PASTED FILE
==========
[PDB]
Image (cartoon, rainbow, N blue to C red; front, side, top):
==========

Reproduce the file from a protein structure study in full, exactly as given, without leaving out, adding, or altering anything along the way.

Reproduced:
[PDB]
Image (cartoon, rainbow, N blue to C red; front, side, top):